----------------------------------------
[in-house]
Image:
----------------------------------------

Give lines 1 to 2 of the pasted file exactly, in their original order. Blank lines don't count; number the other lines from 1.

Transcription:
[in-house]
Image: